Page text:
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Open Primaries

Does Nebraska Hold The Secret to a Better Democracy?

Nebraska, landlocked deep in America’s heartland, has paradoxically set itself apart as an anomaly in the US political ecosystem -- from the way it allocates presidential electors, to the makeup of its legislature, to how state policymakers are elected. 

Some reformers even look at it as a potential model for what a better representative democracy looks like, and it is because of the nonpartisan manner by which legislators are elected, and the impact that has had on the legislative process. 

“I think Nebraska is the most radical state in the country,” said John Opdycke, president of Open Primaries. “I personally think it is radical to challenge the dominant culture of partisanship, of this red vs. blue, of this reductionist, zero-sum politics that has taken over our country.”

Opdycke says this is exactly what Nebraskans have been doing for decades.

Open Primaries hosted its final virtual discussion of the summer Wednesday with Nebraska State Sen. Adam Morefeld and Nebraska Democratic Chair Jane Kleeb to discuss the impacts a nonpartisan electoral and political system has had on state politics.

Nebraska is the only state in the country that has a unicameral legislature, meaning it has only one legislative body, while other states have two. Yet, this is not the only important distinction between the Cornhusker State and the rest of the union.

State policymakers are also elected in completely nonpartisan elections. All voters and candidates participate on a single ballot. In contrast to the nonpartisan primaries in California and Washington, though, party affiliation is not included on the ballot.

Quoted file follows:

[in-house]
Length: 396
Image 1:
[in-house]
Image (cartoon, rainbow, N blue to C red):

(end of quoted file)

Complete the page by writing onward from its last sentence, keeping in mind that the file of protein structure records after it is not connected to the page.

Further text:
There are, of course, Republicans and Democrats in the legislature, and while officially there are no formal party alignments, Republicans have held the controlling majority since 1999 and state parties endorse candidates in legislative elections. Party still plays a role in the process.

However, despite being a deeply red state, there are Democratic committee chairs in the legislature, and according to Sen. Morefeld, coalitions often form issue-by-issue, rather than being defined by ideological and partisan divisions. 

Overall, he noted, the people of Nebraska are satisfied with their legislature.

“The numbers don’t lie. Nebraska has one of the most popular and respected legislatures in the country,” he said. “Nebraskans respect their legislature being a problem-solving body.”

He added that the nonpartisan nature of the system has created a more moderate environment in state politics, or one that is less controlled by ideological extremes. For him personally, Morefeld said the nonpartisan open primary system makes him a more well-rounded politician.

“When I go door to door in my primary, I don't just talk to Democrats. I talk to the Democrats, the Republicans, the Constitution Party, everyone,” said Morefeld. “It makes me a more well-rounded candidate; it makes me a more well-rounded policymaker.”

He added: 

“The great thing about nonpartisan primaries is moderate people can win, coalition-builders can win.” 

Both Morefeld and Kleeb emphasized the high level of esteem the people of Nebraska have for their state legislature, yet statewide offices are becoming increasingly partisan and thus not held in such a high regard.